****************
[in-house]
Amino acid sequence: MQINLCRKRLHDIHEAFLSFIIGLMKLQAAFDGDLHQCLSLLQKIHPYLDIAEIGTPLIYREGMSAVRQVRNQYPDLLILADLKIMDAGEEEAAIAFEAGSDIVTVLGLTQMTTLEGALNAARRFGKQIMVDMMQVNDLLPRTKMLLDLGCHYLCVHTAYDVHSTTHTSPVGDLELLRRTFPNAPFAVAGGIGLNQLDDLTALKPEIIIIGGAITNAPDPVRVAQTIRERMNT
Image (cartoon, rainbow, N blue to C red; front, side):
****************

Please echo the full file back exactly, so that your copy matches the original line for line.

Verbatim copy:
[in-house]
Amino acid sequence: MQINLCRKRLHDIHEAFLSFIIGLMKLQAAFDGDLHQCLSLLQKIHPYLDIAEIGTPLIYREGMSAVRQVRNQYPDLLILADLKIMDAGEEEAAIAFEAGSDIVTVLGLTQMTTLEGALNAARRFGKQIMVDMMQVNDLLPRTKMLLDLGCHYLCVHTAYDVHSTTHTSPVGDLELLRRTFPNAPFAVAGGIGLNQLDDLTALKPEIIIIGGAITNAPDPVRVAQTIRERMNT
Image (cartoon, rainbow, N blue to C red; front, side):